The Server Consolidation Era

For many businesses, the proliferation of Windows NT servers in their enterprise, first as file and print servers, then as application servers, has created a complex and difficult-to-manage computing environment. The lack of trained Windows 2000 (Win2K) and NT IT staff adds to this complexity. When you add the constant stream of server upgrades occurring in the industry, you create a situation in which consolidating onto larger servers becomes favorable for companies wanting to save money. This consolidation will be the mantra of many hardware companies selling Win2K solutions in the next year or two. (For more information about server consolidation, see Sean Daily, "Making the Case for Server Consolidation," page 95.)

The capabilities of Windows 2000 Advanced Server (Win2K AS) and Windows 2000 Datacenter Server (Datacenter) also offer companies the opportunity to perform server consolidation. For server consolidation, administrators can add larger SMP systems such as 8-way Profusion servers and 16-way and 32-way systems (which are just around the corner). Administrators can also put more small servers into the same server chassis—an approach that works well when running Windows 2000 Server Terminal Services and Microsoft Internet Information Services (IIS). Given recent and expected advancements in dynamic load balancing and partitioning of application workloads, Windows server consolidation makes sense.

Nearly every Win2K hardware vendor has a total cost of ownership (TCO) model that justifies the replacement of large numbers of servers with a smaller number of powerful SMP boxes or dense rack-mounted systems. Simplifying system complexity, reducing IT staff, and improving reliability results in measurable cost savings. If your company runs Microsoft Exchange Server on eight servers, running it on two quad servers might be cheaper and easier. In the past, software vendors have encountered resistance to their NT products from IT staff (particularly in companies using mainframes and UNIX) because of the number of servers necessary to deploy the applications on NT. Administrators also mention server size (i.e., the footprint) as a concern, but in the next year the footprint for Win2K servers is likely to become smaller.

Servers are a rapidly depreciating asset, and buying a leading-edge and powerful server that has the longest life span makes sense. However, a more cost-effective and flexible approach for organizations is to adopt rack-mounted systems to which you can add servers as blades (i.e., computers built on one plug-in board) to a backframe (i.e., a chassis with slots for blades, connectors, and I/O ports). As chip technologies advance, you can replace the server blades. Therefore, companies such as IBM, Compaq, Dell, and Data General have a great interest in developing the smallest possible (thinnest) rack-mountable servers. An example of a thin-profile server is Dell's PowerEdge 6350. This rack-mountable server sells for $7694, and Dell is positioning it for corporate data centers to run database and enterprise resource planning (ERP) applications.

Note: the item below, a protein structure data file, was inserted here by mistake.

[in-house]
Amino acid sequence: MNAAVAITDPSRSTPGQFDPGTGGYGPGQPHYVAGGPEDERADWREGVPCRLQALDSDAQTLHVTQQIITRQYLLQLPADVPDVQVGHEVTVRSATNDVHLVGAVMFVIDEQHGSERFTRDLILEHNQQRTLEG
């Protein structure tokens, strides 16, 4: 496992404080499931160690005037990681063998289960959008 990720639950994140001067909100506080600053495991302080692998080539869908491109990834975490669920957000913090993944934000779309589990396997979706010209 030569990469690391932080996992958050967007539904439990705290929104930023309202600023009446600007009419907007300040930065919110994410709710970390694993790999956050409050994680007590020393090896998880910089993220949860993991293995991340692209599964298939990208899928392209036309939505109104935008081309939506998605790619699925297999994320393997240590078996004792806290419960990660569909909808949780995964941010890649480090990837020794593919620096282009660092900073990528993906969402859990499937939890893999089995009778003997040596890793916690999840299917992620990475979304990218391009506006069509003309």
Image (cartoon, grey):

Thin-profile servers are becoming key components in some major corporate deployments. In January 2000, Akamai Technologies named IBM as its key hardware partner, bypassing Dell, Compaq, and VA Linux Systems (the Linux hardware specialist) for the contract. Akamai sells Web-caching software. The reason Akamai cited for selecting IBM is the company's expertise in building thin Linux servers for the major ISPs. IBM's 1U (1.75") server is the industry's thinnest and densest rack-mountable server. In April 2000, IBM plans to announce a new set of thin servers: the 1U server code-named Intimidor, a 3U (5.25") 2-way server code-named Illinois, and a 4U (7") server code-named Assault.

We're seeing the introduction of systems that use load-balancing applets to create enterprise-class applications based on Redundant Array of Inexpensive Computers (RAIC). Although RAIC lags the development of SMP, it offers attractive sizing options for companies growing to enterprise-class sizes. The sizing options might also make rack-mountable systems more popular than SMP servers.

If your organization is storage-centric, then it might recognize storage to be a long-lived asset. You can design consolidation so that you attach server blades directly to either network-attached storage (NAS) devices or to Storage Area Network (SAN) implementations. In the future, large enterprises will probably con-sider storage first when deploying enterprise solutions.

In the past, the low acquisition cost of NT servers tended to fragment IT assets deployed on those servers, depending on the department and site location. One central design goal of Win2K has been to provide an overall systems management capability that makes taking inventory, monitoring status, and controlling servers easy to perform from a central location. The integration of the Microsoft Management Console (MMC) and Active Directory's (AD's) data makes this central management possible. Not only can IT staff manage the NT infrastructure, file systems, clusters, and applications centrally, but they can also use organizational units (OUs) to delegate departmental resources and security functions. NT server proliferation has been a barrier to NT applications' entry into the enterprise. But for many of the reasons just mentioned, this proliferation is about to change.

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